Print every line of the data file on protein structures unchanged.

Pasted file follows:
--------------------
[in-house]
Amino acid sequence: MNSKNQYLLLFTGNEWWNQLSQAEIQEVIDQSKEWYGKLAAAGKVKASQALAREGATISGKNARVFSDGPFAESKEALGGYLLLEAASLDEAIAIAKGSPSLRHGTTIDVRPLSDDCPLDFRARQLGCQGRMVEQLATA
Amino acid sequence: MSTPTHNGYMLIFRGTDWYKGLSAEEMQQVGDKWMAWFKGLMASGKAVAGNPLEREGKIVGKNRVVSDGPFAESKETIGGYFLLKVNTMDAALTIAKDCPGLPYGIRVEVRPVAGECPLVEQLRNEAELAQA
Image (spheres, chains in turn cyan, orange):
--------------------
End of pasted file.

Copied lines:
[in-house]
Amino acid sequence: MNSKNQYLLLFTGNEWWNQLSQAEIQEVIDQSKEWYGKLAAAGKVKASQALAREGATISGKNARVFSDGPFAESKEALGGYLLLEAASLDEAIAIAKGSPSLRHGTTIDVRPLSDDCPLDFRARQLGCQGRMVEQLATA
Amino acid sequence: MSTPTHNGYMLIFRGTDWYKGLSAEEMQQVGDKWMAWFKGLMASGKAVAGNPLEREGKIVGKNRVVSDGPFAESKETIGGYFLLKVNTMDAALTIAKDCPGLPYGIRVEVRPVAGECPLVEQLRNEAELAQA
Image (spheres, chains in turn cyan, orange):